As developers struggle to offload excess condo inventory in an oversaturated market that at least partially stalled at the onset of the coronavirus pandemic, it is widely reported that investors and mezzanine lenders have swooped in with offers to buy units in bulk. While experts say that the steep discounts being proposed render most of these offers DOA, some transactions have gone through; the latest being the bulk sale of 10 units at Gramercy Park’s Rutherford Place.
The Real Deal notes in its reporting of the sale that Rutherford Place is an outlier among the projects involved in bulk deals, in that it is not one of the estimated 900 new or in-progress developments - mostly in Manhattan - that currently include the more than 15,000 unsold units across New York, according to real estate data provider Marketproof.
Instead, reports TRD, the 10-story building at 305 Second Avenue dates back to 1902, when it was built by none other than banker J.P. Morgan, who at the time intended it to be the city’s largest maternity hospital. Eventually it became a general hospital, and in the 1960s a drug treatment center. In the 1980s, Winthrop Chamberlin and Barnet Liberman bought the property from Beth Israel Medical Center and turned it into a residential condominium with about 127 units. They paid $5.5 million.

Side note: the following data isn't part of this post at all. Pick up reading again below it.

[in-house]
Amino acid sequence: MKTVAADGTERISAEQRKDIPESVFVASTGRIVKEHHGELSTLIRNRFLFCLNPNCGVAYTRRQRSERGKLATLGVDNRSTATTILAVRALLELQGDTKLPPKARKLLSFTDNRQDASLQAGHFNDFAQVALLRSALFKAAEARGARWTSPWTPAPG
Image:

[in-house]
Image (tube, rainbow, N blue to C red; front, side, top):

Initially, the developers—owners of real estate firm Mountbatten, known also for its 1980s conversion of the West Village’s Printing House into condos—opted to rent out most of the units to receive related tax benefits. Over the years, according to New York Magazine, tenants at the building included a sizable list of well-knowns: comedian Dave Chappelle; producer Benny Medina; rapper and producer Sean “Diddy” Combs; musicians David Lee Roth, Duncan Sheik, and Ryan Adams; music scions Theodora and Alexandra Richards (daughters of Rolling Stone Keith); celeb sibs Charlotte and Samantha Ronson; and actors Penn Badgley, Wesley Snipes, Judd Nelson, Chris Farley, and Tom Cruise and his then-wife Mimi Rogers.
According to a New York Times piece from 2006—the year that Chamberlin and Liberman first began to sell units in earnest—the units at Rutherford were as interesting as their storied residents. “Because of the limitations imposed by its structural origins as a hospital,” the Times describes the building, “no two of the 127 apartments have the same layout. ... There are eight simplexes, 50 duplexes, 66 triplexes, and three quadriplexes [sic]. With some rooms perched over others, including sleeping lofts over studios, ceilings vary drastically from 7.6 feet to 19 feet—in some cases, in the same room.”